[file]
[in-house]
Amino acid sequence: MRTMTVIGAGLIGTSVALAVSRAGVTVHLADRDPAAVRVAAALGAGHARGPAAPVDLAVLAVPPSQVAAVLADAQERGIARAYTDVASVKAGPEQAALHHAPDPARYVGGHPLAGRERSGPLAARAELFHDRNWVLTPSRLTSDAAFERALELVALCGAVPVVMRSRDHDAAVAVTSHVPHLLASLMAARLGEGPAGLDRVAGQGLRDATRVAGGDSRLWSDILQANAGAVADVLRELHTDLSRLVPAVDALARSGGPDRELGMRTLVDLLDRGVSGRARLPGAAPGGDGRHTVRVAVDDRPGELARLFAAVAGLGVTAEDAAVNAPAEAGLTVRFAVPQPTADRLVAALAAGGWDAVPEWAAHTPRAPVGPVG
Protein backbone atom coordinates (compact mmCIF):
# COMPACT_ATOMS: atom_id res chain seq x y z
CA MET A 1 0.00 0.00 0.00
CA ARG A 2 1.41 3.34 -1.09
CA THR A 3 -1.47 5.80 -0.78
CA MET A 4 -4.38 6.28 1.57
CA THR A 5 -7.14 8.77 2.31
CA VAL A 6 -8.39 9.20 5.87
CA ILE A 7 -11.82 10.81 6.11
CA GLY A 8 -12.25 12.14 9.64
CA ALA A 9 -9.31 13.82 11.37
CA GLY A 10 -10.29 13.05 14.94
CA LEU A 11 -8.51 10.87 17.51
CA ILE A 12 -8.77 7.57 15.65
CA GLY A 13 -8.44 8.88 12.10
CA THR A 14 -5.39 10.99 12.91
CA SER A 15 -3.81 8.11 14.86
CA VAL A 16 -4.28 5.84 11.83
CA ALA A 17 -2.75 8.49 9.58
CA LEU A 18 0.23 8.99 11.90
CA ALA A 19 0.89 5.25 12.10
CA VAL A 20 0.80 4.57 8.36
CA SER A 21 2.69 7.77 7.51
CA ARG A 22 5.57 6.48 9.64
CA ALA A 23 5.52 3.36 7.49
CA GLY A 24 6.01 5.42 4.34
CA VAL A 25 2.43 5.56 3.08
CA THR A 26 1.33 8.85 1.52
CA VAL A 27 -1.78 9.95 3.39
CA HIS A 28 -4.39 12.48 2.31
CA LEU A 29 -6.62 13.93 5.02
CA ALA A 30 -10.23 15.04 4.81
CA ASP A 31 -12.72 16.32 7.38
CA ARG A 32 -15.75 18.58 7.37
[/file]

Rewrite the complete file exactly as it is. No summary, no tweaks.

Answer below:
[in-house]
Amino acid sequence: MRTMTVIGAGLIGTSVALAVSRAGVTVHLADRDPAAVRVAAALGAGHARGPAAPVDLAVLAVPPSQVAAVLADAQERGIARAYTDVASVKAGPEQAALHHAPDPARYVGGHPLAGRERSGPLAARAELFHDRNWVLTPSRLTSDAAFERALELVALCGAVPVVMRSRDHDAAVAVTSHVPHLLASLMAARLGEGPAGLDRVAGQGLRDATRVAGGDSRLWSDILQANAGAVADVLRELHTDLSRLVPAVDALARSGGPDRELGMRTLVDLLDRGVSGRARLPGAAPGGDGRHTVRVAVDDRPGELARLFAAVAGLGVTAEDAAVNAPAEAGLTVRFAVPQPTADRLVAALAAGGWDAVPEWAAHTPRAPVGPVG
Protein backbone atom coordinates (compact mmCIF):
# COMPACT_ATOMS: atom_id res chain seq x y z
CA MET A 1 0.00 0.00 0.00
CA ARG A 2 1.41 3.34 -1.09
CA THR A 3 -1.47 5.80 -0.78
CA MET A 4 -4.38 6.28 1.57
CA THR A 5 -7.14 8.77 2.31
CA VAL A 6 -8.39 9.20 5.87
CA ILE A 7 -11.82 10.81 6.11
CA GLY A 8 -12.25 12.14 9.64
CA ALA A 9 -9.31 13.82 11.37
CA GLY A 10 -10.29 13.05 14.94
CA LEU A 11 -8.51 10.87 17.51
CA ILE A 12 -8.77 7.57 15.65
CA GLY A 13 -8.44 8.88 12.10
CA THR A 14 -5.39 10.99 12.91
CA SER A 15 -3.81 8.11 14.86
CA VAL A 16 -4.28 5.84 11.83
CA ALA A 17 -2.75 8.49 9.58
CA LEU A 18 0.23 8.99 11.90
CA ALA A 19 0.89 5.25 12.10
CA VAL A 20 0.80 4.57 8.36
CA SER A 21 2.69 7.77 7.51
CA ARG A 22 5.57 6.48 9.64
CA ALA A 23 5.52 3.36 7.49
CA GLY A 24 6.01 5.42 4.34
CA VAL A 25 2.43 5.56 3.08
CA THR A 26 1.33 8.85 1.52
CA VAL A 27 -1.78 9.95 3.39
CA HIS A 28 -4.39 12.48 2.31
CA LEU A 29 -6.62 13.93 5.02
CA ALA A 30 -10.23 15.04 4.81
CA ASP A 31 -12.72 16.32 7.38
CA ARG A 32 -15.75 18.58 7.37